A Funeral

Funerals are a funny thing.

People and flowers and laughter and tears and mourning and celebrating and chaos and peace.

And he would have loved this best, because family is together.

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We attend the viewing, the funeral, the burial. My dad, Jenni and Juli, and my cousin share memories. There are so many. They do a great job.

It is hard to see my dad choked up.

The burial is in the middle of Northern Michigan woods in the middle of land that once was my great-grandmother’s farm. There are so many mosquitoes that the sound of hands slapping skin overcome the pastor’s prayer. And my Aunt Dawn sings a song she wrote for him so beautiful that we are moved to tears.

We see cousins and aunts and uncles and friends of the family. God has shared them with us to show us we are loved, supported, comforted. We hear, “I’m sorry for your loss,” over and over, and I think, “it may be my loss, but it certainly isn’t his.”

My grandpa is finally reunited with his parents, 12 brothers and sisters, his wife, many friends, and two of his children.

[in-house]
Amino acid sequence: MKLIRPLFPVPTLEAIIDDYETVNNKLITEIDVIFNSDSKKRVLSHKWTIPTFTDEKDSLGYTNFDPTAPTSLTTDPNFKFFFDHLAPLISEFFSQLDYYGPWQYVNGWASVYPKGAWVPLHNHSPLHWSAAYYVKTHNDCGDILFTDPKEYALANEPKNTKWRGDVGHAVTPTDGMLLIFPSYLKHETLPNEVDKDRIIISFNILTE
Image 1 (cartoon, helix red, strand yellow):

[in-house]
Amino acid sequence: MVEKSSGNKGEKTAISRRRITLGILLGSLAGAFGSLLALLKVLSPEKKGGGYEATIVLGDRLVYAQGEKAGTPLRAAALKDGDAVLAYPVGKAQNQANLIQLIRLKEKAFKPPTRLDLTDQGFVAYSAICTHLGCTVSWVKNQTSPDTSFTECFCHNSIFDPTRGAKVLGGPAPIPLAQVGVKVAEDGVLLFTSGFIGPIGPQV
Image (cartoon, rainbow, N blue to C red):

My uncle Dwayne died when grandpa was in his 90s. He turned to me and said, “No one should have to bury his children, and I have buried two.”

He is right.

There is stress and chaos, but also such a peace as we lay him to final rest. Peace knowing that he lived life to the fullest- drinking coffee, playing golf, and loving on friends, family, and strangers. Peace knowing he is with the greatest lover of souls. Peace knowing that he knew how much I loved him.

Between events we have a house full of kiddos- my nieces and nephews tearing down the halls chasing each other and being chased by my dad, their grandpa. Things are messy and turned over and beautiful and just how they should be.

There is something magnificently poetic in watching my father say goodbye to my grandpa as he becomes grandpa to my nieces and nephews – watching my father say goodbye to his parent, as my sisters become parents.

We drive up to my aunt’s farm after the funeral. It is beautiful. restful. a place to catch your breath. It also screams of my uncle’s absence. How do you occupy this land that was his without feeling his loss?

How do you do that?

There is laughter and food (always food) and connecting with cousins- from Michigan, from the east coast, from Texas (ew)- we only see occasionally.

We are with family. Grandpa is loving this moment.

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